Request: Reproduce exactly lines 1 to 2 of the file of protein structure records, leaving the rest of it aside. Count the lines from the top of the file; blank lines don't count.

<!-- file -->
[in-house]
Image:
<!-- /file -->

[in-house]
Image: